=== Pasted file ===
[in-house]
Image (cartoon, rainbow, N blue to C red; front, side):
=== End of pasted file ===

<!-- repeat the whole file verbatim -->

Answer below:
[in-house]
Image (cartoon, rainbow, N blue to C red; front, side):